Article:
Picture of the Week: Qantas A380 Final Approach

I have a fascination with the Airbus A380.  If you’ve ever flown in one you’ll probably relate, but the thing is just so massive it doesn’t seem like it should be able to fly.  At the same time, though, I’m hard-pressed to think of an airplane with a smoother or quieter ride.

(now, granted, I might be a little biased because I’ve only ever flown on the A380 in First Class on Singapore Airlines, Qantas, Singapore Airlines again, Etihad, and Qatar, but still)

I’m based in Dallas, and the annoying part about Dallas is it’s kinda right in the middle of the United States, which means it’s kinda close to everything.  Which means there are innumerable narrowbody jets that take off and land from DFW: countless 737s, hordes of A321s, and unfortunately more and more gross old US Airways A320s.  There aren’t that many “interesting” jets.  Even American’s 777s get old after a while.  If you’re looking for variety, you’ll see an assortment of longhaul aircraft from Korean Air, Lufthansa, Emirates, Etihad, Qatar, and (during the summer) a British Airways 747.  But there’s only one A380 that takes off and lands from DFW Airport: the Qantas nonstop to/from Sydney, Australia, at one time the longest flight in the world.

I’ve taken lots of pictures of this A380 coming in for landing, but really loved this one from just a couple of hours ago.  I think there’s something beautiful about the negative space above the aircraft and the symmetry of the four engines.  It gives it a sense of motion for me, I just wish you could’ve heard the noise it made as it flew past!  Anyway, such a powerful machine deserves to be Picture of the Week again, don’t you think?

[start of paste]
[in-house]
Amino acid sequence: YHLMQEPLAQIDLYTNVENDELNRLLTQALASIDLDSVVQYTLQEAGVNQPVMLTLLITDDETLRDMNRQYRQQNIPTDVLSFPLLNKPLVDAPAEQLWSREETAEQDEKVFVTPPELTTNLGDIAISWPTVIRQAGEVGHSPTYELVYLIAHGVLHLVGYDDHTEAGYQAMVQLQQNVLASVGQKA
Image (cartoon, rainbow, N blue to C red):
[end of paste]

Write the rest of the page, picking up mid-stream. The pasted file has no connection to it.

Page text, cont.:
For the photographers: I took this with my Sony a6500 (affiliate link, this company may pay me a commission should you buy something after clicking this link, thanks for your support!) with the Sony 24-70GM attached (affiliate link, this company may pay me a commission should you buy something after clicking, thanks for your support!).  EXIF data says the lens was at about 33mm, f5.6, ISO 100, and a shutter speed of about 1/1000 of a second.  I love taking pics of planes with the a6500 because it shoots at up to 11fps so I end up with lots of frames to choose from, which is very important when you’re trying to find the perfect plane pic.

Post processing was pretty light on this one, the only thing I did was adjust the color on the bottom of the jet, which was really really yellow for some reason, I brought it to where it looked a little more natural (I think).  As always, any questions please let me know!

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